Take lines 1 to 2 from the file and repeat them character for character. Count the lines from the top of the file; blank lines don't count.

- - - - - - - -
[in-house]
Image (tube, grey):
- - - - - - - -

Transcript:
[in-house]
Image (tube, grey):